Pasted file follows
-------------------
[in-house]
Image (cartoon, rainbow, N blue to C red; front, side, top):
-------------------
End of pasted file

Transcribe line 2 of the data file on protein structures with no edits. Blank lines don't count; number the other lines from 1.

Image (cartoon, rainbow, N blue to C red; front, side, top):